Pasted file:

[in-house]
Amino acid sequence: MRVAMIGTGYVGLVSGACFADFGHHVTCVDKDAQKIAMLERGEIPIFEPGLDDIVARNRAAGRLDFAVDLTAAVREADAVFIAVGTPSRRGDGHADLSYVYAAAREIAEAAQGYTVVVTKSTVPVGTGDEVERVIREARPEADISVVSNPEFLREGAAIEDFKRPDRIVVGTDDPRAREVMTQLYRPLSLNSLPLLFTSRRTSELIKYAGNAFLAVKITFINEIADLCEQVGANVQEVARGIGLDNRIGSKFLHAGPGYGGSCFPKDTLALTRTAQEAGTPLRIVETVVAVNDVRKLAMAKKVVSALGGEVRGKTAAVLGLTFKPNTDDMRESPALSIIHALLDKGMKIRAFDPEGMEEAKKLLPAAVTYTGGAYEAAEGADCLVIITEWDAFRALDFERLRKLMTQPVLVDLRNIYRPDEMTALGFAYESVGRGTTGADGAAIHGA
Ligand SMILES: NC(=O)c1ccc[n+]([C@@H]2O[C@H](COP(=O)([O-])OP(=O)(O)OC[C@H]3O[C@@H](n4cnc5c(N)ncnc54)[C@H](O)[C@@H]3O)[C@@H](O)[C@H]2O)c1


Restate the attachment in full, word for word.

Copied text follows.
[in-house]
Amino acid sequence: MRVAMIGTGYVGLVSGACFADFGHHVTCVDKDAQKIAMLERGEIPIFEPGLDDIVARNRAAGRLDFAVDLTAAVREADAVFIAVGTPSRRGDGHADLSYVYAAAREIAEAAQGYTVVVTKSTVPVGTGDEVERVIREARPEADISVVSNPEFLREGAAIEDFKRPDRIVVGTDDPRAREVMTQLYRPLSLNSLPLLFTSRRTSELIKYAGNAFLAVKITFINEIADLCEQVGANVQEVARGIGLDNRIGSKFLHAGPGYGGSCFPKDTLALTRTAQEAGTPLRIVETVVAVNDVRKLAMAKKVVSALGGEVRGKTAAVLGLTFKPNTDDMRESPALSIIHALLDKGMKIRAFDPEGMEEAKKLLPAAVTYTGGAYEAAEGADCLVIITEWDAFRALDFERLRKLMTQPVLVDLRNIYRPDEMTALGFAYESVGRGTTGADGAAIHGA
Ligand SMILES: NC(=O)c1ccc[n+]([C@@H]2O[C@H](COP(=O)([O-])OP(=O)(O)OC[C@H]3O[C@@H](n4cnc5c(N)ncnc54)[C@H](O)[C@@H]3O)[C@@H](O)[C@H]2O)c1